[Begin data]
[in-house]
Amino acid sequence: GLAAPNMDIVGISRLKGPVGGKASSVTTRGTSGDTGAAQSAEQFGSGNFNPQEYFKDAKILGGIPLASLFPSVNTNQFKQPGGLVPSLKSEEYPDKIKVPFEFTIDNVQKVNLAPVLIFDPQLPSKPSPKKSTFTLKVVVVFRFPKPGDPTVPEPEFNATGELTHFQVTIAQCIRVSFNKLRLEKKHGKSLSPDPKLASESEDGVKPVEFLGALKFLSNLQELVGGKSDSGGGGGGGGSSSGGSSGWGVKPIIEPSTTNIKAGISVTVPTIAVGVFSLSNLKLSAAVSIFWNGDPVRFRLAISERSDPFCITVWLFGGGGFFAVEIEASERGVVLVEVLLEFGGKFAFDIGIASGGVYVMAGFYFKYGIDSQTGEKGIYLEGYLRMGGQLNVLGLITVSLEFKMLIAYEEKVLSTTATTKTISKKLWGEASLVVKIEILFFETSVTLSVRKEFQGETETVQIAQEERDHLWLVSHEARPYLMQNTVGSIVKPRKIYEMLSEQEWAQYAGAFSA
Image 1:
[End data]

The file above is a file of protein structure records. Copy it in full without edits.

[in-house]
Amino acid sequence: GLAAPNMDIVGISRLKGPVGGKASSVTTRGTSGDTGAAQSAEQFGSGNFNPQEYFKDAKILGGIPLASLFPSVNTNQFKQPGGLVPSLKSEEYPDKIKVPFEFTIDNVQKVNLAPVLIFDPQLPSKPSPKKSTFTLKVVVVFRFPKPGDPTVPEPEFNATGELTHFQVTIAQCIRVSFNKLRLEKKHGKSLSPDPKLASESEDGVKPVEFLGALKFLSNLQELVGGKSDSGGGGGGGGSSSGGSSGWGVKPIIEPSTTNIKAGISVTVPTIAVGVFSLSNLKLSAAVSIFWNGDPVRFRLAISERSDPFCITVWLFGGGGFFAVEIEASERGVVLVEVLLEFGGKFAFDIGIASGGVYVMAGFYFKYGIDSQTGEKGIYLEGYLRMGGQLNVLGLITVSLEFKMLIAYEEKVLSTTATTKTISKKLWGEASLVVKIEILFFETSVTLSVRKEFQGETETVQIAQEERDHLWLVSHEARPYLMQNTVGSIVKPRKIYEMLSEQEWAQYAGAFSA
Image 1: